So, the Soviet Union’s passing is regretted by the people who knew the USSR firsthand (but not by Western journalists, politicians and historians who knew Soviet socialism only through the prism of their capitalist ideology.) Now that they’ve had over two decades of multi-party democracy, private enterprise and a market economy, Russians don’t think these institutions are the wonders Western politicians and mass media make them out to be. Most Russians would prefer a return to the Soviet system of state planning, that is, to socialism.
Even so, these realities are hidden behind a blizzard of propaganda, whose intensity peaks each year on the anniversary of the USSR’s passing. We’re supposed to believe that where it was tried, socialism was popularly disdained and failed to deliver—though neither assertion is true.
Of course, that anti-Soviet views have hegemonic status in the capitalist core is hardly surprising. The Soviet Union is reviled by just about everyone in the West: by the Trotskyists, because the USSR was built under Stalin’s (and not their man’s) leadership; by social democrats, because the Soviets embraced revolution and rejected capitalism; by the capitalists, for obvious reasons; and by the mass media (which are owned by the capitalists) and the schools (whose curricula, ideological orientation and political and economic research are strongly influenced by them.)
So, on the anniversary of the USSR’s demise we should not be surprised to discover that socialism’s political enemies should present a view of the Soviet Union that is at odds with what those on the ground really experienced, what a socialist economy really accomplished, and what those deprived of it really want.
1.”Referendum on the preservation of the USSR,” RIA Novosti, 2001,
2. Guy Gavriel Kay, “The greatest Russians of all time?” The Globe and Mail (Toronto), January 10, 2009.
3. Richard Pipes, “Flight from Freedom: What Russians Think and Want,” Foreign Affairs, May/June 2004.
4. Robert C. Allen. Farm to Factory: A Reinterpretation of the Soviet Industrial Revolution, Princeton University Press, 2003. David Kotz and Fred Weir. Revolution From Above: The Demise of the Soviet System, Routledge, 1997.
5. Allen; Kotz and Weir.
6. Stephen Gowans, “Do Publicly Owned, Planned Economies Work?” what’s left, December 21, 2012.
7. “Russia Nw”, in The Washington Post, March 25, 2009.
8. Pipes.
9. Neli Espova and Julie Ray, “Former Soviet countries see more harm from breakup,” Gallup, December 19, 2013,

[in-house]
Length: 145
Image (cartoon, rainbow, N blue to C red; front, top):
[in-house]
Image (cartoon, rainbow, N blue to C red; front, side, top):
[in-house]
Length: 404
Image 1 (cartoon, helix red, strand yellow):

10. Pipes.
11. Judy Dempsey, “Study looks at mortality in post-Soviet era,” The New York Times, January 16, 2009.
12. Shirley Ceresto and Howard Waitzkin, “Economic development, political-economic system, and the physical quality of life”, American Journal of Public Health, June 1986, Vol. 76, No. 6.
13. Pipes.
14. Michael Parenti, Blackshirts & Reds: Rational Fascism and the Overthrow of Communism, City Light Books, 1997, p. 119.
15. Pipes.

June 23, 2017

Turkey may be subtly changing sides in the Syrian conflict - Adam Garrie

Turkey may be subtly changing sides in the Syrian conflict

ADAM GARRIE in The Duran

The unthinkable has become the conceivable.

Between the Syrian victory in the Battle of Aleppo in December of 2016 and the signing of the Astana Memorandum on the creation of de-escalation zones in Syria in May of 2017, Turkey was one of the biggest obstacles to peace in and freedom for Syria.

The Battle of Aleppo was in many ways the Stalingrad moment in the Syrian war on al-Qaeda/al-Nusrea. It was a point of no return in respect of al-Qaeda/al-Nusrea’s long term desire to conquer and subjugate important population centres in western Syria.
It was during the interim period between the end of 2016 and the spring of 2017 that Turkey increased its own illegal war against Syria using its own jihadist proxies, the so-called FSA.
Since Turkey so-signed the Astana Memorandum in May of this year, Turkey’s position has subtly shifted.

Geo-politically, the Astana process has led Turkey to technically side with Russia and Iran, two unambiguous supporters of the rule of international law in Syria and consequently, supporters of the legitimate Syrian government.
Knowing that illegal regime change in Damascus is now all but an impossibility, Turkish President Recep Tayyip Erdogan has attempted militarily to work with the US in capturing the self-proclaimed ISIS capital of Raqqa. Erdogan was not only totally disregarded by the US in this respect but the US has openly aligned itself with Kurdish forces in Syria who are sworn enemies of Turkey.